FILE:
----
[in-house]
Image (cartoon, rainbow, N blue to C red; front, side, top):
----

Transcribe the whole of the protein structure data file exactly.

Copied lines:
[in-house]
Image (cartoon, rainbow, N blue to C red; front, side, top):